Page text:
SunSpec: Serious Conversations Are Serious Business

Where do all the serious conversations and discussions happen in librarianship? Because from what I have heard or read, I have been told where they are NOT happening.

They are not happening on Facebook or Twitter because not every librarian is on Facebook or Twitter. They are not happening at conferences because the state ones are generally once a year (with perhaps a small conference or two between) and the ALA ones are twice a year; the lack of frequency disqualifies them from being venues for serious discourse. They are not happening on the library blogosphere because of smaller readership (a nod to the ‘not everyone is online’ business) and furthermore run the risk of building an echo chamber for online librarians. And the list goes on for trade publications (not everyone reads them), professional organizations (not everyone belongs), and your own library (a microcosm).

So, where is the magical platform, venue, location, or event that grants enough quorum so that any discourse arising from it can be deemed meaningful?

I’m a bit tired of hearing or reading utterances as to why certain types of conversations or discussions are not “serious” ones because of some factual yet irrelevant observation as to the participants present or missing. This marginalization of any kind of dialogue because it’s not in the perfect setting is simply counterproductive and (for lack of a better term) pathetic. I don’t know what to say beyond that I’m exasperated by the mythical barriers that seem to magically appear wherever something serious and/or important is broached as a topic.

So, where do all the serious conversations and discussions happen in librarianship?

Sunday Speculation: Protest Edition

So, there I was driving home from work on Saturday and thinking about what to write for this post when the question streaked across my mind:

If young librarians are in protest, what are our demands?

I blanked for a moment. What are the demands?

Jobs? That’s a tricky demand. Websites like ALA Joblist, LISjobs, and others are full of job listings. There are jobs out there. Whether the job is near where people want to be is another factor. For all the emo consternation that is posted like a teenage poetry contest, I don’t think I’ve seen anyone write, “And I’m willing to move!” Perhaps it is something that people are leaving out, somehow implied in their pleas for any kind of work; perhaps it is not written because some graduates want the job where their families, friends, and familiar surroundings are. For the former, I wish you good luck; for the latter, well, I’m not sure what to say. It’s somewhere between “stick it out and hope for the best” and “if you want to get going on your career now, you may have to make some short term compromises”.

If there was a good demand relating to jobs to pose to the older generation of librarians, it would be in the form of a question: where have all the lost jobs gone? Budget cuts? Attrition? Smaller staffing requirements? Follow-up: what is the job outlook for the field in five years? Because I don’t have the longevity or experience in the field to get a feeling for that and I’m curious as to what the speculation might be. This is not a direct attempt to refute the ‘graying profession’ business or a new yoke to hang on the necks of library leadership. (We’d have to find a neck first, but more on that later.) I’d just like an objective re-evaluation.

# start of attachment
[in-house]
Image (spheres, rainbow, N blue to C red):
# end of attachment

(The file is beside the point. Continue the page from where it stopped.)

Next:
Better library graduate programs? I have yet to see any specifics other than “more harder”. There is no shortage of what people dislike about the programs, what classes and topics they think are a waste of time, and there is certainly no lack of contempt for some library programs out there. “I thought it should be more challenging” goes the refrain. How exactly? What was the expectation? We aren’t assembling nuclear reactors here, people. It’s a library.

If there was a good argument for making the program more challenging, I’d say that it should have aspects of a Masters in Public Administration (because it is) and a Masters in Business Administration (because it is that too). As a public librarian, one of my most common questions is how to cut and paste on the computer. I didn’t need an MLS to show someone how to do that. What I could have used is a degree that had distinctive coursework in personnel management, funding and budgeting, public policy, and operations management (like the MPA and MBA programs have, not a unit within a management course). I liked the graduate program at Clarion; I felt it was interesting and challenging in terms of library science theory and history. But in hindsight, rather than taking a Literature of the World course (or whatever it was called), I could have used one of those aforementioned courses. I can get a passing familiarity with literature (world or otherwise) on my own; I could have really used some personnel management courses rather than learning it on the job.

In presenting a demand to the older generations of librarians, I would ask that they look to reformulate the programs to represent the current and emerging needs of librarianship. This goes directly back to the importance of a job outlook; what are the skills that those future jobs will require? And really take a hard look at the current class offerings at ALA accredited schools. (I don’t know much of anything when it comes to ALA accreditation but you may want to revisit it as something that gives a mark of excellence. It’s getting disparaged right now.)

Better leadership? I think it’s a legitimate albeit nebulous demand. The current bevy of leaders don’t stand out in the same way business leaders stand out. I can name a dozen or so business leaders off the top of my head; I’d have to think carefully as I listed an equal amount of people I considered to be leaders within the librarian profession. With the breadth of the field, even the term ‘leader’ would be a bit subjective. Are they are a leader because they have created successful libraries? Successful programs? Successful technological integration or implementation? Successful advocates for literacy and reading? Successful thinkers and library science philosophers? Even in having a number of people who display strengths in important aspects of the field, I can’t think of anyone who transcends that to the whole profession. (I have a couple of people in mind, but I’d rather not make replies about my personal choices.)